I AM sure you don’t know me at all, being the First Lady of the Republic of Zimbabwe, not a dynasty, and somebody who is high up in society and has had the privilege of living a dream life in Graceland; whether in the sense of the lifestyle of the rich and famous in general or Graceland Hollywood-style.
Lifestyles of the rich and famous presume a lifestyle somewhat different from that of ordinary folks like me.
That being said, your lifestyle defines the everyday actions, events and behaviours of a group of people who are not ordinary citizens like some of us.
For you and your ilk, the rich and famous, you move in top circles unfamiliar to us. You hobnob in close-knit and upper echelons of society with little interaction with the normal day-to-day world, hence you are sometimes detached from reality. People like you have aides, servants, drivers, cooks and gardeners.
Your needs and wants are catered for to a large measure by the state, meaning they are funded by taxpayers; in other words, we the poor. You have huge mansions, big cars and a long motorcade. You don’t queue for anything, you have diplomatic passports, you don’t declare your exports and imports, and you don’t go to local shops.
Your kids go to foreign universities, you seek medical attention abroad and go for holidays overseas.
In fact, you live in the ivory tower in that sense and I don’t want to begrudge you for that although I have problems with extravagance and insensitivity in a land like Zimbabwe which has basically been reduced to a sea of poverty, largely because of our party leaders’ poor governance record and policies.
I still respect our leaders though in the true spirit of revolutionary discipline even if they have created conditions which have negated what we fought for and dreamed of at Independence.
At this point in time, let me introduce myself although I won’t tell you my full names because I’m a member of the Zimbabwe National Liberation War Veterans Association, an organisation established by former Zanla and Zipra (that well-organised and ruthlessly efficient war machine I belonged to) ex-combatants who fought for our liberation and freedom, and also a member of Zanu-PF.
Besides, I respect your husband, President Robert Mugabe, as liberation struggle hero and my leader. As a retired soldier, I have enduring military discipline and still see him as my Commander-in-Chief.
But anyway, I belong to the Gatsheni Nguni/Ndebele clan which makes me a Ndlovu by surname. I live in Matshobana (one of the poorest and oldest townships sadly named after King Mzilikazi’s father) in Bulawayo, but come from Filabusi in Matabeleland South, and yes, I’m a Godlwayo umahlaba ayithwale. My father’s name was Muziwendoda (literally a man’s home and figuratively a strong home) Gatsheni Ndlovu.
I know this is not important and might be meaningless to you, but I’m trying to give you context so that you can then understand where I’m coming from as you read on.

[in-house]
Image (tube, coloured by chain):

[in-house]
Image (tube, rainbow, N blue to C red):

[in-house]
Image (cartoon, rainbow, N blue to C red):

I was involved in the struggle from the 1960s as a young activist and Zapu youth leader, that is before you were born. I’m told you were born on July 23, 1965 at Benoni in the East Rand in Johannesburg, South Africa, a year after our Zipra commanders such as Akim Ndlovu (no relation), Dumiso Dabengwa and Phelekezela Mphoko, among others, went for training in Russia following visits to Moscow by senior Zapu leaders.
I was there in July 1977 when the first group of Soviet officers which consisted of 12 personnel arrived at a Zapu camp, situated 18km from Luena, a town in eastern Angola (formerly Vila Luso), not too far from the Zambian border, to train our combatants.
The Soviet group had a mission to train Zipra fighters and commanders and spent exactly a year there, till July 1978. Up to 2 000 Zapu recruits came to Angola for training in successive two-month shifts. The Soviet military specialists stayed in the camp together with us and shared all the hardships with us.
In spite of all the adversities, they performed their duties in an exemplary way and in a year, the Soviet officers trained over 10 000 fighters to a company level.
Now let’s stop this history narrative before you start accusing me of harping and dwelling on the past and go straight to the point.
As someone who finished tertiary level education after Independence (we were disrupted by war), I closely followed and analysed your rallies since October 3 in Chinhoyi. From Chinhoyi, through Gweru, Harare, Masvingo, Mutare, Gwanda, Lupane, Bulawayo, Bindura and Marondera, I followed you closely. I don’t mean stalking or tailing you, but listening to you.
You spoke about a number of issues affecting the country and the party, which was good. At the beginning, I found you refreshing because of your forthrightness and courage to tackle some issues which usually in our party are not spoken about. You confronted issues and people head-on, probing them and demanding answers.
You refused to adopt the see, hear and speak no evil approach which most of us are used to as exceedingly disciplined party cadres and former military officers.
I literally clapped my hands, cheered and laughed as you spoke truth to power, attacking factionalism, greed, corruption and power-hungry marauders in the party, but that was up to a point.